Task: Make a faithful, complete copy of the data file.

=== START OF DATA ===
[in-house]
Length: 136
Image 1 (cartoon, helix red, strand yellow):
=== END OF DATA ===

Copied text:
[in-house]
Length: 136
Image 1 (cartoon, helix red, strand yellow):